Gase stood up for himself in an extended tweet Tuesday.

Here’s a transcript of that post:

Well someone implied (Sunday) night that I have never won a late model race before. As you can see in the pics below I have won a few in my day and just wanted to share my story a little bit and thank the people who have helped me get to where I am today.

My dad raced before I did at the local short track level and that’s how I fell in love with racing. When I was 4 years old my dad got me my first yard kart and would turn hundreds of laps on the driveway everyday. When I turned 14 my dad retired from racing and I started to race his old open wheel modified and won that year up in Oktoberfest in Lacrosse, WI which anyone in the Midwest knows how big of a weekend that is.

When I was 16 I was the youngest ever to win the track championship in the Late Model division at Hawkeye Downs Speedway racing against some of the best in the Midwest like Johnny Spaw, Tim Plummer, Griffen McGrath, Doughly Fleck, Brad Osborn and the list goes on and this is when my career took off.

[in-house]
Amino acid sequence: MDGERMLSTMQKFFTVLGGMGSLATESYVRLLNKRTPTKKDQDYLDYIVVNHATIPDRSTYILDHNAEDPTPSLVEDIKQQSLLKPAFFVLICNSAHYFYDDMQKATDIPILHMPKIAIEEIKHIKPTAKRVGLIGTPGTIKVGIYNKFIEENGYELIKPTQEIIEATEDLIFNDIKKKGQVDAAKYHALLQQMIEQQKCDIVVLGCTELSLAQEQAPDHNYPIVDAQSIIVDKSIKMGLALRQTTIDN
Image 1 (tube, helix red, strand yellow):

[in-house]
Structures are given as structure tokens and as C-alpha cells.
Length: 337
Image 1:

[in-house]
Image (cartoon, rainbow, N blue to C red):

This was only made possible because a family friend believed in me and bought my first two late models and the motors to go with it. Our crew consisted of my dad, my uncle, grandpa, and I. My parents were not rich, my dad worked in a coal power plant for 20 plus years and my mom was a hair stylist. It took the effort of my whole family and a lot of people who believed in me to get to where I am today and I can’t thank them enough.

We have accomplished a lot of cool things over the years, my top memories being winning my first race back after my mom’s passing, finishing fifth with Jimmy Means Racing at Talladega after almost missing the race and making my first start in the Daytona 500 and being the highest finishing rookie (23rd).

I have to give HUGE thanks to Jimmy Means for giving me a big chance and making it possible for myself to get established in NASCAR with nearly no funding when we first started and Carl Long for picking me back up after my big sponsor from last year did not stand by their commitments and letting me know in the middle of December.